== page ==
In this unprecedented time of history, what guidance do we offer to the parents and caregivers of the children in our care? The first thing we all have to remember is, like in an emergency on an airplane, parents need to put the oxygen mask on themselves first, then their children. One size will not fit all and nobody has a map so we all need to be flexible and do the best we can. Secondly, families need to create a routine that works for the unique needs of their family members, bearing in mind the well-being of the parents as well as the children. This routine planning will inevitably take some improvisational trial and error. Don’t be afraid to adjust as you learn what works and what doesn’t work for your family.
General recommendation for parents:
1. Convey a sense of safety.
Questions of safety are big questions for children and adolescents, especially so for younger children. Reassuring kids that they are safe physically and emotionally, and that their parents and loved ones are safe is essential. This is why it is so important for parents to keep their own emotions in check as much as possible. Emotions can be contagious and creating a calm, safe environment starts with the adults. Although social distancing outside the family is paramount, hugging and touching does not need to stop inside the home. Physical contact between parents and children helps to maintain a safe and supportive environment.
2. Maintain “good enough” child and family routines
Keep routines in place as much as possible and encourage healthy habits. This will contribute to a sense of safety. Good elements of a family routine include getting adequate sleep, eating regular meals together, and making time for exercise. A routine makes the day more predictable. This predictability is helpful for all kids, and crucial for younger or anxious children. Most children will have ongoing school responsibilities and time for these school activities should be scheduled and maintained. Creating written (or pictorial) schedules may be helpful for children and adolescents. Visual prompts, verbal reminders, and timers can be very useful for times of transition for those children who find this challenging.
3. Get outside.
Going outdoors is essential physically and emotionally for parents and children. This can be a good opportunity for talking and listening as well. Ideally, children should get outside every day for at least 30 minutes. Indoor physical activity on rainy days can also be helpful.
4. Sleep is crucial.
Maintain regular bedtime routines and habits. For many children and families this will mean continuing to use the same bedtime as before, while other families may find it helpful to shift bedtimes and wake times to accommodate the needs of the entire family (e.g. to allow parents enough sleep). Total sleep time should remain the same and getting up should be about the same as during the regular school year. Flexibility on the timing for some (e.g. adolescents) may be appropriate but all with the understanding that everyone in the house needs as much (or more sleep) during the COVID crisis.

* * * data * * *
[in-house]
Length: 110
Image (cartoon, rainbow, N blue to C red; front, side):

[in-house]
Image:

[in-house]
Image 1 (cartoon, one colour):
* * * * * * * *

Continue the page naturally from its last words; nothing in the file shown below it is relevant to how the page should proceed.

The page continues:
5. Make “rest time” for kids and adults.
Everyone needs down time and some of this should occur ideally during the day. Designating a time for this (e.g. 3-4 PM) will work for many families. This can also be a time to encourage children to occupy themselves and be more independent.
6. Create opportunities for new shared activities.
This time may be ripe for adding activities to the routine. If family dinners are not already a regular routine this is a great time to start. Family games, arts and crafts, cooking, baking, or yoga are great options to keep your child occupied. These activities can also limit the amount of screen time children are exposed to. Family time can be a time where children can plan for things that they can look forward to and shift their quarantine to a positive mindset while looking forward to new activities each day. Each family member may have a role to play to be sure one individual does not get overwhelmed.
7. Create opportunities for new shared activities.
Information overload is rampant and it is not advisable to keep the news on while children are in earshot as this can provoke anxiety in both parents and children. Social media is also a place requiring parental monitoring as there can be posts that feed anxiety with panic inducing or even false information. Using the provided resources below to control the narrative surrounding the pandemic and to explain what is going on in a developmentally appropriate way is useful so that children know what to expect, but do not expect the worst.
8. Listen and talk with your children and adolescents.
It is especially important during this crisis to remain engaged with your kids and to ask how they are feeling. The National Child Traumatic Stress Network has a helpful chart to identify how different aged children may react to overwhelming feelings amid this pandemic. Project TEACH and the MGH Clay Center for Young Healthy Minds also have good guidance on approaching this with your children.
9. Stay in touch.
Keep in touch with friends, family and loved ones. Facetime, skype, and other similar video chatting apps may be the only way for children and adolescents to keep up with their friends. Staying in touch with grandparents and other extended family in some manner is crucial for children and families, and promotes a sense of safety and continuity.
Project TEACH Child and Adolescent Psychiatrists are available through the Project TEACH warm lines to provide guidance on assessment of a children’s and adolescents’ mental health symptoms and evidence-based treatment during the COVID-19 pandemic.
By David Kaye, MD, Project TEACH Project Director, Regions 1 and 3, and Vice Chair for Academic Affairs and Professor of Psychiatry at the University of Buffalo, and Amber Parden, MD, University of Buffalo